Victoria Dobrynskaya

Publications in refereed journals

Downside Market Risk of Carry Trades, Review of Finance 18(5), pp. 1885-1913, 2014.

Abstract. I propose a new factor – the global downside market factor – to explain high returns to carry trades. I show that carry trades have high downside market risk, i.e. they crash systematically in the worst states of the world when the global stock market plunges or when a disaster occurs. The downside market factor explains the returns to currency portfolios sorted by the forward discount better than other factors previously proposed in the literature. GMM estimates of the downside beta premium are similar in the currency and stock markets, statistically significant and close to their theoretical value. High returns to carry trades are fair compensation for their high downside market risk.

Winner of EFMA 2013 John Doukas Best Paper Award


Currency Exposure to Downside Risk: Which Fundamentals Matter? Review of International Economics 23(2), pp. 245-360, 2015.

Abstract. I study whether or not countries’ macroeconomic characteristics are systematically related to their currencies’ exposure to the downside market risk. I find that the currency downside risk is strongly associated with the local inflation rate, real interest rate and net foreign asset position. Currencies of countries with high inflation and real interest rates and negative net foreign asset position (debtor countries) are more exposed to the downside risk whereas currencies of countries with low inflation and real interest rates and positive net foreign asset position (creditor countries) exhibit ‘safe haven’ properties. The local real interest rate has the highest explanatory power in accounting for the cross-section of currency exposure to the downside risk. This suggests that the high currency exposure to the downside risk is a consequence of investments in high-yield risky countries and flight from them in ‘hard times’.  


Pricing Within and Across Asset Classes, Finance Research Letters, forthcoming.

Abstract. When an asset-pricing model is claimed to explain a cross-section of portfolio returns, it should do so both within one asset class and across different asset classes. This paper illustrates that this is not always the case using the CAPM and Asness, Moskowitz and Pedensen (2013) models applied to momentum and value portfolios as examples. Apparently, on one hand, the CAPM is almost as good as the AMP model in explaining the portfolio returns across asset classes, but on the other hand, the AMP model is almost as bad as the CAPM in explaining these returns within one asset class. Therefore, applying an asset-pricing model to a single cross-section of returns may generate misleading results.


Working papers

Dynamic Momentum and Contrarian Trading, March 2017, under review, November 2017.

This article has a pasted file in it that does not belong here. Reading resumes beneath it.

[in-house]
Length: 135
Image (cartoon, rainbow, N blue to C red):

Abstract. High momentum returns cannot be explained by risk factors, but they are negatively skewed and subject to occasional severe crashes. I explore the timing of momentum crashes and show that momentum strategies tend to crash in 1-3 months after the local stock market plunge. Next, I propose a simple dynamic trading strategy which coincides with the standard momentum strategy in calm times, but switches to the opposite contrarian strategy in one month after a market crash and keeps the contrarian position for three months, after which it reverts back to the momentum position. The dynamic momentum strategy turns all major momentum crashes into gains and yields average return, which is about 1.5 times as high as the standard momentum return. The dynamic momentum returns are positively skewed and not exposed to risk factors, have high Sharpe ratio and alpha, persist in different time periods and geographical markets around the Globe.


Upside and Downside Risks in Momentum Returns, under review, April 2017.

Abstract. I provide a novel risk-based explanation for the profitability of momentum strategies. I show that the past winners and the past losers are differently exposed to the upside and downside market risks. Winners systematically have higher relative downside market betas and lower relative upside market betas than losers. As a result, the winner-minus-loser momentum portfolios are exposed to extra downside market risk, but hedge against the upside market risk. Such asymmetry in the upside and downside risks is a mechanical consequence of rebalancing momentum portfolios. But it is unattractive for an investor because both positive relative downside betas and negative relative upside betas carry positive risk premiums according to the Downside-Risk CAPM. Hence, the high returns to momentum strategies are a mere compensation for their upside and downside risks. The Downside Risk-CAPM is a robust unifying explanation of returns to momentum portfolios, constructed for different geographical and asset markets, and it outperforms alternative multi-factor models.


Arbitrage Opportunities for Cross-Listed Stocks: Evidence from Russia (with E. Gorbatikov), R&R, September 2016.

Abstract. We study alternative arbitrage strategies for stocks of Russian companies and the corresponding depository receipts issued on European exchanges. We describe schemes of arbitrage strategies with and without conversion, estimate all related transaction costs and compare the net returns. We find significantly profitable arbitrage opportunities. The long-short strategies without conversion, although being risky, generate returns which are about twice as high as the returns to the arbitrage strategies with conversion. Arbitrage opportunities are higher for less liquid pairs and in situations when the depository receipts are underpriced. Although the arbitrage returns have declined over time, they are still positive and higher than the market returns. Low liquidity of Russian depository receipts on European exchanges is a significant barrier to arbitrage.